Traditional management hierarchies stifle creativity, Macquarie researcher says

Traditional management hierarchies stifle creativity, Macquarie researcher says

by Freya Lucas

July 15, 2020

The best way to have the kind of ‘creative chaos’ that results in innovative thinking and problem solving is for managers to “get out of the way”, and that’s exactly what they should do, Macquarie University researcher Dr Lars Groeger has said.

 

Traditional management structures, which operate from a top down perspective impose too much control over employees, he added, saying that an alternative approach of embracing shared decision making and distributed leadership leaves space for creative and divergent thinkers to discover new things and independently act on them and make changes. 

 

“Almost by definition, top-down management seeks to control and impose order. But the people down the line are playing by a different set of rules. They are on the periphery, both spatially and culturally,” Dr Groeger said.

 

“This is not to suggest they are not doing what they’re supposed to – they are still acting in the best interests of the organisation. They could just be going about it in different ways. Freed from traditional management rules, they might pursue side-projects. They might even pursue objectives of their own by following a localised discovery or breakthrough,” he added.

 

While this perspective, in relation to distributed leadership, is often met with concerns from traditionalists “who want to know where decision-making should reside” if not with a manager, Dr Groeger said the answer is simple – with everyone.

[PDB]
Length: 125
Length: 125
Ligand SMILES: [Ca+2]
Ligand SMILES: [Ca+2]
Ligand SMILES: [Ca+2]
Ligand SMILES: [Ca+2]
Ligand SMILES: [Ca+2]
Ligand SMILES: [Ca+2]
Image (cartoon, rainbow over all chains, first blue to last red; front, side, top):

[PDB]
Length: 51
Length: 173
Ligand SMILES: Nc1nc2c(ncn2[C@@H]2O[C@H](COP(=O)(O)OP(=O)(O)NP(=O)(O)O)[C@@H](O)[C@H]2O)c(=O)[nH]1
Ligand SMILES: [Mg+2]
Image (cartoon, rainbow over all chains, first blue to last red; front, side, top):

“Decision-making should be distributed so that creative types who discover new things are able to independently act on these discoveries and make changes,” he added.

 

Although letting go of control can be a challenge for traditional top down managers, who fear releasing the reins will result in chaos, Dr Groeger said these “chaotic” qualities can be the same which result in complex and adaptive systems which grow and evolve over time.

 

In conducting the research which underpins these beliefs Dr Groeger and his colleague, Associate Professor Dr Kyle Bruce examined ‘complexity theory’, the idea that several disparate strands of an organisation can order themselves into a coherent system. Dr Groeger simplifies complexity theory as ‘order within disorder’.

 

So what would this look like in practical terms? Dr Groeger is not advocating anarchy; rather a targeted approach to how creatives, or ‘agents’, as they are known in complexity theory parlance, can be set free.

 

“We believe everything should be on the table and the entire organisation should decide the boundaries of control. More realistically, however, owners and managers could establish a few simple rules or boundaries, within which creative chaos should reign,” said Dr Groeger.

 

“When teams or units have full autonomy within their own boundaries and without hierarchical management, we see positive outcomes. Also required is the existence of a psychological safety net; the knowledge that agents can get things wrong and not be punished.

 

“Managers can then focus on translating the organised chaos into the mainstream language of the organisation, thereby protecting the unit. This requires very different skills to those of traditional management.”

 

While the “creative chaos” thinking cannot be applied to every aspect of roles in the early childhood education and care (ECEC) sector, given the complexity of the regulatory environment, there may be some space for creative problem solving where this model might work well, such as the revamping of programming, or in collaboration with communities. 

 

To read the work of  Dr Groeger and Associate Professor Bruce, please see here

 

For the original coverage of this story, please visit the Macquarie University Lighthouse, here.

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